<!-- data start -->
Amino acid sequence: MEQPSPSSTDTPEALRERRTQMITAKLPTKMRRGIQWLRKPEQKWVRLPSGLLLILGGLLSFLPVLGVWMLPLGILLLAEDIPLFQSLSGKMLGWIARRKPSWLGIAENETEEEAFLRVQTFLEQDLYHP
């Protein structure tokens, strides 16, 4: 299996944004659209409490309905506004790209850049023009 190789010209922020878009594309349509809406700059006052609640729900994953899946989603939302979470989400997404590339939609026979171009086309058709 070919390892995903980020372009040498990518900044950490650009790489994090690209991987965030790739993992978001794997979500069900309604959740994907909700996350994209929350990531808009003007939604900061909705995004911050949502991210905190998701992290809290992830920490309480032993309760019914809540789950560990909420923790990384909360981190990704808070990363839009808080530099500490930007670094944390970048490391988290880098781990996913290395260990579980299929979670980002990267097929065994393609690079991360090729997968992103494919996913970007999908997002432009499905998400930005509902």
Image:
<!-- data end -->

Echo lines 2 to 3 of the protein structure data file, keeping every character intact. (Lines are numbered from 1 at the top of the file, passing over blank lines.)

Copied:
């Protein structure tokens, strides 16, 4: 299996944004659209409490309905506004790209850049023009 190789010209922020878009594309349509809406700059006052609640729900994953899946989603939302979470989400997404590339939609026979171009086309058709 070919390892995903980020372009040498990518900044950490650009790489994090690209991987965030790739993992978001794997979500069900309604959740994907909700996350994209929350990531808009003007939604900061909705995004911050949502991210905190998701992290809290992830920490309480032993309760019914809540789950560990909420923790990384909360981190990704808070990363839009808080530099500490930007670094944390970048490391988290880098781990996913290395260990579980299929979670980002990267097929065994393609690079991360090729997968992103494919996913970007999908997002432009499905998400930005509902």
Image: